I forget how I came across Forever Employable--I think I heard about it on a podcast at some point--but I bought it about a year ago and got around to reading it this past week. It's short, only 106 pages, and it's a very quick and easy read. The book is basically a how-to guide to creating a niche for yourself in whatever industry you believe can become an expert. The ultimate objective in this journey is to become a wanted entity in your area of expertise, and thus shift from a beggar's situation (my words) to that of a self-perpetuating income generator (again, my words). In the book, Gothelf recounts his own crisis/awareness in his mid-30s about his career potential moving past 40.

The book is simple, has some good insights, and is a fun read. It's not groundbreaking from any vantage point and may be overly-driven by some of the privileged assumptions of the tech world (not everyone has the background, education, experience, etc. to build what he describes), yet in his attempt to elucidate the process he went through, he does indeed offer some good insights and a simple, practical framework to chunk through his defined steps and see if you can build some results. The biggest missing piece is that he does not dive into the underlying tools to build discipline, persistence, or consistency -- he seems to assume that the fear of pending irrelevancy in your 40s should be enough fuel to drive the discipline.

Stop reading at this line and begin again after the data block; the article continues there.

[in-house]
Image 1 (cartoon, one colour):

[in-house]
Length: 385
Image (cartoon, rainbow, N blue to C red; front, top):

This is a good book for someone looking for a kind of simple guidebook to shifting out of an 'employee' mentality and into a more entrepreneurial, independent mentality and generating some non-traditional income streams over time. Despite my notes above, I did like it and it brought some ideas into focus in a very clear, reproducible way.